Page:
“While we understand the position of the University in basing their decision on health and safety, we fully reject any implication or suggestion that the demonstration being organised by us gave rise to concerns regarding public disorder. At no point was this ever raised by the police with us.
“We would remind people that over that last number of weeks, the university has come under increasing pressure from politicians, community leaders, public opinion and funders, all seeking to have this conference moved. The reputation and good name of the university was clearly being damaged."
- Zionist Federation Weekly Update, 2 April 2015
The ZF put significant effort into raising awareness about the conference, including promoting a petition that gained over 6,500 signatures. The weeks of campaigning were mirrored and supported by a broad coalition of Jewish communal organisations, each of whom played a significant role in putting pressure on the university. While the official statement cites concerns about public protests, we believe that the negative publicity prompted by the campaigning played a significant role in the university's decision. We'd like to thank everyone who signed and shared our petition, and all the groups and individuals who raised their concerns about this event.
3. The Conference organisers’ statement
The organisers have contested the University’s account of the cancellation in all respects, and call for the Conference’s reinstatement. See http://freespeechsouthampton.blogspot.co.uk/2015/03/update-from-organisers-31-march-it-is.html
4. BRICUP Statement
Pro-Israeli organisations deal unprecedented blow to British freedoms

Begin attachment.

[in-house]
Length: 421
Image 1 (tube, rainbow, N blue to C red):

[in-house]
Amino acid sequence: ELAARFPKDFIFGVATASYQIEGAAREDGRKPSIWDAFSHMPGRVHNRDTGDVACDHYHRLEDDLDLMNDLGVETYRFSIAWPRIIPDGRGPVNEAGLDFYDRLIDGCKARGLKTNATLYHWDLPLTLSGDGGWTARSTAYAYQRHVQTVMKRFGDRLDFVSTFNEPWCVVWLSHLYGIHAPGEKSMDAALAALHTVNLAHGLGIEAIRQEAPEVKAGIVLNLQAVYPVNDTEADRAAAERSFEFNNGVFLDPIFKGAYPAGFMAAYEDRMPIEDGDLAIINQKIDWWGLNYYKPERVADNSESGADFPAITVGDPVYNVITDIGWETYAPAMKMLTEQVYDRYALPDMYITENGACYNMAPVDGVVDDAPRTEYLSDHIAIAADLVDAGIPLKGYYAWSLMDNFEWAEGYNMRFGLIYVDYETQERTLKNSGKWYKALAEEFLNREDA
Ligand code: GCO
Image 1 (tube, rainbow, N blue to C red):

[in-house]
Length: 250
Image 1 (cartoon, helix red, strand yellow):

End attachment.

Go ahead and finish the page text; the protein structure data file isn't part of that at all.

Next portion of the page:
The Vice-Chancellor of Southampton University has cancelled a major academic conference just days before it was scheduled to take place: a decision without precedent in British higher education. The conference, on International Law and the State of Israel: Legitimacy, Responsibility and Exceptionalism, was to be held on campus on 17-19 April with 53 scholars and practitioners from 11 countries due to speak. However on 30 March Professor Don Nutbeam, the Vice-Chancellor, announced his decision to cancel the conference on grounds of ‘health and safety’, citing the risk of violent clashes between opponents and supporters of the conference. Hampshire police, who submitted a risk assessment to the University, have not backed up this assertion. “[I]t’s very much a university decision … the decision to cancel the event is definitely the university’s decision”, a spokesperson affirmed on 3 April. The organisers of the conference, who include two senior members of the faculty, have gone to court to seek a judicial review of the Vice-Chancellor’s decision. What is not in doubt is that the University has come under intense pressure to cancel the conference from both pro-Israel organisations and Conservative members of parliament, including the Secretary of State for Communities and Local Government, Eric Pickles.